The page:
Naples hosts festival devoted to Polish emigre writer

Gustaw Herling-Grudziński (1919 - 2000) was a Polish writer, essayist, World War II soldier, and political dissident living abroad during the communist era in Poland. Grzegorz Rogiński/PAP

A three-day literary festival highlighting the life and work of the Polish emigre writer, Gustaw Herling-Grudziński, was launched on Thursday in Naples, Italy, and features a series of meetings devoted to the publication of a new volume of his collected works.

A series of meetings and debates will be held to celebrate the publication of the book "Ethics and Literature”, the first collection of Herling-Grudziński's works to be released by the Mondadori publishing house.

The festival, organised by the Polish Institute in Rome, is the first such initiative in Italy dedicated to the Polish writer. It will be attended by top officials from Naples, including the Naples Mayor Luigi de Magistris, Polish diplomacy and the Polish ambassador to Italy Anna Maria Anders, Polish experts on the works of Herling-Grudziński and Italian Polonists from several universities.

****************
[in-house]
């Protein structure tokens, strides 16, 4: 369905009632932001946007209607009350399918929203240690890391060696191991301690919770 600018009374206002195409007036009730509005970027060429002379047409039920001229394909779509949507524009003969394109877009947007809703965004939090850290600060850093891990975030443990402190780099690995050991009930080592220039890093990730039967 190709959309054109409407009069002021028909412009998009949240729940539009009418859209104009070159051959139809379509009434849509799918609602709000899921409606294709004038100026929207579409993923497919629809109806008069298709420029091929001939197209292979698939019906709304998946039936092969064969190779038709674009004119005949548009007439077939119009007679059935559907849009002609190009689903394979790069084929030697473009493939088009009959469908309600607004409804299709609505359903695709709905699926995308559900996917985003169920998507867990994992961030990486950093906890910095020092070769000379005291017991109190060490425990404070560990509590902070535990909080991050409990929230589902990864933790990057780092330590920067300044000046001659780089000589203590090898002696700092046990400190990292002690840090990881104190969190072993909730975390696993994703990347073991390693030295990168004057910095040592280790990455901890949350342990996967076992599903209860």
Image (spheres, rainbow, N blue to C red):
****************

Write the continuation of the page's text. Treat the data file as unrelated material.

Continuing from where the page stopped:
In the last few weeks, Herling-Grudziński's collected works, published by Mondadori, has been well received by the Italian press. The publicist of the renowned Italian newspaper "Corriere della Sera" referred to the volume as "late, but due compensation for the Polish writer who lived in exile in Italy in an intellectually fascinating but isolated niche."

Gustaw Herling-Grudziński (1919 - 2000) was a Polish writer, essayist, World War II soldier, and political dissident living abroad during the communist era in Poland. Best known for the 1951-published A World Apart, his personal account of life in the Soviet Gulag, in 1947 Herling-Grudziński co-founded the Polish political and cultural magazine Kultura which was then published in Rome. After Kultura's move to Paris he settled in London and later in Naples, where he lived until his death.